There is an odd sort of Mystery Science Theater hypnotic quality to Death Bed, perhaps anchored by the unquestionably bizarre man-eating furniture premise. There are really no genuine moments of horror to be found here, even when a character's hands turn skeletal after an encounter with the hungry mattress, and it seems that Barry tried to deliver a creepy bad dream vibe to the whole affair, rather than a cascade of blood and guts.

Note to the curious and fans of weird casting moments: Be sure to watch for an appearance by legendary rock critic Dave Marsh.

Rating for Style: C+
Rating for Substance: C


Image Transfer

Aspect Ratio1.33:1 - Full Frame
Original Aspect Ratioyes

Image Transfer Review: Death Bed has been issued in a 1.33:1 full-frame transfer, culled from an original 16mm print. Certainly not the most luxurious disc I've seen, this one looks every inch the nearly forgotten 16mm film that it is. The overall transfer is rather dark, with a few outdoor scenes all but indecipherable. Colors have that mid-1970s fade to them, with fleshtones looking particularly pale. The print has noticeable damage, with a fair amount of nicks and vertical lines running through it periodically.

Image Transfer Grade: C


Audio Transfer

 LanguageRemote Access

Audio Transfer Review: A spotty, rough-around-the-edges English mono track is about what you would expect for a low-budget, never released early 1970s 16mm horror film. A bit of audible hiss is evident, but overall more than adequate for the material. Voices sound rather flat, which at times actually adds to the odd vibe Barry worked to create.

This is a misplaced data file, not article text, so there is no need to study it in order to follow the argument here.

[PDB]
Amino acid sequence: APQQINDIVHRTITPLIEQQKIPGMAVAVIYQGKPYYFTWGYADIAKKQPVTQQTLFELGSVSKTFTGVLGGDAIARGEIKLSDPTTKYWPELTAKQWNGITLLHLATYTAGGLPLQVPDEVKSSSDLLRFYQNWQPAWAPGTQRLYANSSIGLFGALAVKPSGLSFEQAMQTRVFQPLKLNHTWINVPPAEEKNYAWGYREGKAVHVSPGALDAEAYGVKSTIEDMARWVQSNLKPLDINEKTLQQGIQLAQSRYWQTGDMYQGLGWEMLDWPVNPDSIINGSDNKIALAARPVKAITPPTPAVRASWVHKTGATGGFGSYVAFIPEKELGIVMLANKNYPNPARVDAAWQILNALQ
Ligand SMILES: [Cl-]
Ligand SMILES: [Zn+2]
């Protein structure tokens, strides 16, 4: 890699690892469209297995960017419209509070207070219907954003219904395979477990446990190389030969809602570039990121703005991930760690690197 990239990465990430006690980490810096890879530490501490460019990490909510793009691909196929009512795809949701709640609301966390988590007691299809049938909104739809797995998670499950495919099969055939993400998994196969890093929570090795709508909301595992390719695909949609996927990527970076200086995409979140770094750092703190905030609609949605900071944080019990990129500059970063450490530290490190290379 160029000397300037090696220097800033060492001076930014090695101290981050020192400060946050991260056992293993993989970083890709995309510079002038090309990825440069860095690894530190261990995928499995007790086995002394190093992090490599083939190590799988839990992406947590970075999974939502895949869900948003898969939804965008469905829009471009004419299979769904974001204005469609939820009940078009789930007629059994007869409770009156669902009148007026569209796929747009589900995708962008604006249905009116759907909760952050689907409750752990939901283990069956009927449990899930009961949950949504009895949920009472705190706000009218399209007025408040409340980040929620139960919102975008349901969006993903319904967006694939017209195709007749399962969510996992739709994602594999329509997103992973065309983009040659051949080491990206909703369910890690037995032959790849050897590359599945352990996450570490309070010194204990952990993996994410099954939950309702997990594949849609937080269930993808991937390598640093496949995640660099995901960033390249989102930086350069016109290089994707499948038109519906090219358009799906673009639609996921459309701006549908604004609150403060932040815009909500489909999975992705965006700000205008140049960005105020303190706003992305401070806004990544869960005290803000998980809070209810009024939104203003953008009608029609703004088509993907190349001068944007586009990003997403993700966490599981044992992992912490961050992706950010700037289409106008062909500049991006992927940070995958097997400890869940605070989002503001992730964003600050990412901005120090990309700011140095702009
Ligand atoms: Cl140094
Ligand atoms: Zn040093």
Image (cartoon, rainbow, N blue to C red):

Audio Transfer Grade: C+


Disc Extras

Animated menu with music
Scene Access with 12 cues and remote access
Production Notes
1 Featurette(s)
Packaging: Amaray
Picture Disc
1 Disc
1-Sided disc(s)
Layers: single

Extras Review: Writer/director George Barry offers up an introduction to the film (05m:30s), where he provides a brief synopsis of Death Bed's checkered history. Most of his discussion centers on his inability to get it distributed in 1977, and the subsequent pirating of the film, a fact he didn't really discover until 2002, apparently.

There is also an insert booklet, written by Stephen Thrower (Beyond Terror: The Films of Lucio Fulci), that further documents the storied past of this highly unusual horror film. Thrower is also a member of the group Cyclobe, whose music is featured in the film.

The disc is cut into 12 chapters.

Extras Grade: B-


Final Comments

On the surreal meter, this one wins a batch of brownie points, but as a horror film it doesn't quite hit the mark. A demon-possessed bed that loves to munch on humans is one of those concepts that truly straddles the razor wire between parody and terror.

The film has had a very curious history, and Cult Epics, if nothing else, has sated the needs of fans of the strange by finally giving George Barry's oddball horror film its day in the sun.